Monday, December 19, 2011

The Rupee Fall

The RBI is in a soup. For the past few months it has been trying to tame Inflation by increasing the repo rates (The rates at which Banks borrow from RBI) and CRR (The amount of money banks have to keep with RBI). It hoped to reduce the amount of money flowing in the economy, thus reducing demand and dousing out inflationary fires. It is well on its way to achieving this but the past few weeks have given them a new headache. The never ending troubles in the Euro Zone, and India’s insatiable demand for Oil has led to this mess. Let us simplify the situation.


(1) Troubles in Europe: Economies in Europe are toppling one after the other. The famed European Lifestyle, extravagant spending and low taxes have led to a situation wherein the government is not able to pay its dues. It started with Greece and has moved on to Spain, Italy, Portugal etc… The acronym PIGS does suit them. As an investor in global currencies, when I see that the Euro is not doing too well, I am forced to shift to other currencies. The first name that comes is the Dollar. This mad hunger for dollars has caused a shortage of dollars in the world and India, being a majorly importing country is suffering from it.

(2) Imports of Gold and Crude Oil: India being a developing country, has a huge energy bill. Since we don’t have enough to feed ourselves, we are forced to borrow. We borrowed lots of Crude at high prices which has increased the country’s debt. We have a huge dollar bill but not enough dollars to pay them. So we need more rupees to borrow dollars.

(3) High Inflation: Say there is X amount of Rupees in the economy. At times of Inflation, we are paying more for a particular product. Indians will demand for cheaper products. These products will come for other countries therefore demand for rupee falls.

Possible Solutions:

(1) We cannot really do much Europe but what we can do is make sure our Economy is performing well. For that we need to make investments in Infrastructure, Public Spending has to increase and this will attract foreign investors to India rather than other countries. To increase public spending, the public should have money to spend. The public gets money from banks who get it from RBI. If RBI keeps its rates high, then people won’t be able to borrow; so an appropriate rate cut is required without releasing too much money into the economy. Rate cuts are double edged swords, lower rates mean higher Inflation and Higher rates mean low demand.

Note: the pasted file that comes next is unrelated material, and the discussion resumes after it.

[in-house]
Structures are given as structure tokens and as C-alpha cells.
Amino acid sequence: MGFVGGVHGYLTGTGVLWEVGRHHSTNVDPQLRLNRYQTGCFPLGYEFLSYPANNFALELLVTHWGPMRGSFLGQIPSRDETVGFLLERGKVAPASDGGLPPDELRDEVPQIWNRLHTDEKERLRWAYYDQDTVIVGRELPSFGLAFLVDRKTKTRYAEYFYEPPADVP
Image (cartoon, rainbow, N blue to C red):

(2) We need to attract more capital into the country from our own brethren. Increasing deposit rates of NRO, NRE accounts will make Indians earning in dollars to invest in India rather than anywhere else. This allows an injection of much needed dollars into the economy.

(3) Open up FDI in various sectors. Everyone loves to invest in a booming business and India’s growth story is well known. Putting FDI in Retail on the backburner was a bad move and in hindsight, we might just regret it.

(4) Another possible move is to put a cap on Imports. The rate at which China is sucking Gold out of the economy, there may not be much left for others. A cap on Gold imports for time being might be a good idea. Increasing our debt bills will cause an unpleasant Europe like situation. The Investments have to match up with the revenues else India could face the Payment crisis of 1991.

(5) The current policy paralysis which has hit the UPA government doesn’t augur well for the economy. Investor’s confidence depends on how well the Government performs and this could be the wakeup call for Congress to push key reforms.

I am no economist but what I have suggested are basic and logical solutions to a problem which is fairly well documented and well known. It’s not an unknown virus with strange symptoms but a disease more akin to a common cold. I believe India is in safe hands as we have the World’s best bankers (probably not the best politicians) and they know what they are doing.

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